Not only will a higher credit score boost your chances of getting any credit applications approved, it can lead to a lower interest rate on a loan. A higher interest rate actually increases how much you pay to borrow money. For lenders, if they feel you’re more likely to miss payments or stop paying on a loan altogether, they help protect themselves against that risk by charging more interest.
By improving your credit score over time, you’re actually saving yourself money on loans. It’s a smart move, especially since you’ll need car loans in Scarborough in the future and not just now.
Lending money to anyone is a risk for a bank or creditor. After all, not everyone has the discipline or maybe even the intention of repaying a loan. One of the best indicators potential lenders have found to determine if you’ll make your loan payments on time and as agreed is to look at past behavior.
For this reason, the payment history in your credit file plays a huge role in calculating your credit score. As you can probably guess, this information includes each time you’ve paid late on a loan or completely missed a payment, because creditors report this information to the credit bureaus.
That doesn’t mean just because you’ve messed up in the past there’s no way to get back on track. The more recent payments in your credit file are the most important, so if you had some financial difficulties in the past but make all your loan payments faithfully now, you could still have a good credit score as a result. Since items on your credit history don’t stay on forever, past mistakes or difficulties will also eventually go away.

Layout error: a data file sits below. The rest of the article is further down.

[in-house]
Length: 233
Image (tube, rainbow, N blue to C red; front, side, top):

Also included in the payment history is if creditors have sent you to collections. That means a creditor has decided to stop extending credit to you and has decided to collect the entire balance of a loan. This comes about after you’ve violated the terms of the loan, often missing several payments. Needless to say, collections aren’t good to have on your credit report. Paying them off helps stop any collection efforts and will limit the damage to your credit score.
Another item in your payment history that could hurt your credit score is if you have declared for bankruptcy. Even though a bankruptcy doesn’t show up in your credit report forever, while it does your score suffers. Just like late or missed payments, the older the bankruptcy is, the less it affects your score.
The good news is while you pay on time for your car loan in Scarborough, that helps build recent positive payment history. That in turn will help boost your score.
Potential creditors want to know how much debt you’re carrying at any given time. This is an important detail, since it tells them if you’re near the limit to what you can reasonably pay back. After all, they don’t want the loan they extend to you to be what sends you into the financial abyss. They also don’t want to lend to you if you’re already in well over your head.
Installment loan amounts are certainly a factor affecting your credit score. The total amount of all your debts at any given time is calculated, rewarding you for not having too much debt. When you buy a car, it’s wise to go with an option which suits your needs but isn’t overly expensive.
Your credit score is also calculated by comparing the limits on revolving credit lines with how much you’re actually using at the moment. For example, if you have a credit card with a $1,000 credit limit and you have a balance of $600 on it, you’re using 60 percent of the credit line.
While never using revolving credit lines doesn’t help much with building up your credit score, carrying too large of balances on credit cards will actually hurt your score. The general rule is to keep your revolving credit usage at 35 percent or lower than the limit on each account.